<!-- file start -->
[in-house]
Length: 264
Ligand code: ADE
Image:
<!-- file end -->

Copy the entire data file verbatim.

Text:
[in-house]
Length: 264
Ligand code: ADE
Image: